Swartz founded reacHIRE with the goal of partnering with forward-thinking companies. She wanted to create opportunities for women at all ages and stages of their careers. The company has a particular focus on helping women reenter the workforce and thrive in their new jobs.
With so many tech tools on the market, Swartz said that she loves G Suite partly for its ubiquity. “Since many people are familiar with Gmail, it’s allowed us to onboard people faster,” she explained. “A glut of available business tools makes it important for business owners to choose carefully to ensure they help rather than hinder the achievement of business objectives. We use G Suite for its diverse offerings, collaboration features, and flexibility, especially useful now in a virtual work environment. Overall, it is easy-to-use, multi-functional, and affordable for a small business on the rise.”
If she could talk to Google developers? She’d ask for workflow automation, because it “would be a good addition to G Suite to orchestrate the various pieces and stages of projects and reduce manual tracking via sheets and emails.”
Kimberly Y. Moore
Headquartered in Washington, D.C., Moore leads Go Together, Inc., a transportation platform for schools and educational districts. Their app CarpooltoSchool allows parents to coordinate carpooling options for their kids. Similarly, Moore named Airtable as her tool of choice because of its collaborative focus. She can manage her team’s tasks and work alongside them on their projects.
Harrison, the founder and CEO of marketing agency Allée Creative, manages a wide variety of projects for their clients: print products, digital media, event planning, training sessions, and webinars. Considering the scope of their work, Harrison said that Asana is crucial for tracking their tasks.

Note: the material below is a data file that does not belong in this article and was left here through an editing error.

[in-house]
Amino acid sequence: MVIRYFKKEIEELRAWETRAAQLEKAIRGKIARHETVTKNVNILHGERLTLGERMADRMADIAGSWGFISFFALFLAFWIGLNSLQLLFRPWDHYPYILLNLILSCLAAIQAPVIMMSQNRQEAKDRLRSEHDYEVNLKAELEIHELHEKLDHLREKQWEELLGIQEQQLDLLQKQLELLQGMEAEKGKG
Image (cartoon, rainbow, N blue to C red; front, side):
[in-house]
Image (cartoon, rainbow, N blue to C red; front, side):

“I use [Asana] daily to keep myself on task with business deliverables and client deliverables. I work on multiple projects a day and everything has different due dates and timing. Within Asana, I divide by project or client and then by tasks,” she said. “It’s a platform that you can invite others to join as part of your team or that you can use individually. You can drag and drop to reorganize, view in calendar or list formats, track goals, and sync workloads with other team members. It’s the ultimate tool for tracking daily to-dos (and planning far into the future). With this tool, I never miss a deadline.”
MileZero’s Founder and Chief Navigator Robyn Bolton centers her business consulting around one key idea: innovation. She works with Fortune 1000 companies to help establish meaningful revenue streams through coaching, roadmap development, and other projects. Because she works with clients directly, she has to schedule plenty of meetings. For that, she utilizes Calendly “because it saves the email back and forth normally required for scheduling.”
To expand on the service, she said that she’d “like to be able to send custom scheduling options. For example, I’m happy to have a call with a client any time. If the call is more social, though, I’d like to send options that are a bit later in the day.”